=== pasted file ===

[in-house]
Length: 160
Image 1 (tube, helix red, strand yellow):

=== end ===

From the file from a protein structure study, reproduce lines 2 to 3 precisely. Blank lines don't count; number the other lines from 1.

Length: 160
Image 1 (tube, helix red, strand yellow):